Judge asked to decide on the permanent fate of Georgia’s abortion law
ATLANTA – After a federal judge temporarily blocked Georgia’s restrictive abortion law, lawyers for the state and opponents of the measure are arguing in court over whether the law should be permanently barred from entering into law. force.
The law prohibits abortions once a “detectable human heart rate” is present, with a few exceptions. Heart activity can be detected by ultrasound as early as six weeks pregnant, before many women realize they are waiting, according to a court challenge.
The law, sign by Georgia Governor Brian Kemp in May, was due to become enforceable on January 1. But a lawsuit challenging it was filed in June on behalf of abortion providers in Georgia and an advocacy group, and U.S. District Judge Steve Jones in October temporarily. blocked the law.
Lawyers for the American Civil Liberties Union, Planned Parenthood and the Center for Reproductive Rights, who filed a lawsuit, and state attorneys filed summary judgment motions Thursday. This means that each party asks the judge to rule in their favor based on the facts of the case without going to trial.
The law defines a “detectable human heart rate” as “embryonic or fetal heart activity or the regular and repetitive rhythmic contraction of the heart in the gestational sac”. Referring to a paper from the American College of Obstetricians and Gynecologists, the lawsuit says that “cells that end up forming the basis of heart development later in pregnancy” produce “cardiac activity” that can be detected by ultrasound. as early as six weeks after the onset of pregnancy. pregnancy.
The law provides exceptions for rape and incest, provided the woman first files a police report. It also allows abortions after detection of cardiac activity when a woman’s life is in danger or when a fetus is deemed nonviable due to a serious health problem.
Further, he declares an embryo or fetus a “natural person” once heart activity can be detected, saying that is when “the full value of a child begins”. This would make the fetus a dependent minor for tax purposes and lead to child support obligations.
The US Supreme Court precedent ruled for nearly five decades that states cannot ban abortion until a fetus is viable, and since Georgian law makes it unconstitutional, opponents to the law argue.
They also argue that the new definition of personality is unconstitutionally vague because it applies throughout state law and “makes many criminal and civil provisions of the Code unclear.” Notably, they write, it’s unclear if and when healthcare providers could face criminal charges if the treatment harms the fetus.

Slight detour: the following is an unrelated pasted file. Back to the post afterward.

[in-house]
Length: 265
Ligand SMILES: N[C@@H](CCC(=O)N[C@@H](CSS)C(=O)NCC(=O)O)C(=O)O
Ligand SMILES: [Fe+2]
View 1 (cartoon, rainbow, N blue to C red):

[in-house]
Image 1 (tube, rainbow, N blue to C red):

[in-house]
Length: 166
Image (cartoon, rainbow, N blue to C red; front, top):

State attorneys argue that the doctors and the advocacy group who filed the lawsuit lack the legal capacity to challenge the law, in part because they are not individual women who face “a burden on their right to abortion ”.
State attorneys also argue that the definitions associated with the personality of the law section are “clear and unambiguous” and that “the notion that the law could somehow be interpreted as criminalizing standard medical care provided in good faith is without merit ”.
Lawyers for the state also argue that even if the judge finds parts of the law unconstitutional, other articles should be allowed to come into force.
In his October order temporarily blocking the law, Jones wrote that based on the Supreme Court’s current precedent regarding attempts to ban abortions before they are viable, the challenge to Georgian law is likely to succeed.
He also expressed concern about the part of the law that redefines a “natural person” to include “any human being, including an unborn child”, which is defined as an embryo or fetus “at any stage of development. which is carried in the womb. “In its landmark 1973 Roe v. Wade decision, which legalized abortion nationwide, the United States Supreme Court considered and rejected this precise definition,” Jones wrote.
Georgia’s old abortion laws remain in force while last year’s measure is blocked. They prohibit abortions at 20 weeks or more “from fertilization” unless the fetus has a defect so severe that it is unlikely to live or if a doctor reasonably believes an abortion is necessary to protect the fetus. the life or health of the mother.
Georgia’s so-called heartbeat law is part of a wave of laws recently passed by Republican-controlled legislatures in an attack on the Roe v. Wade.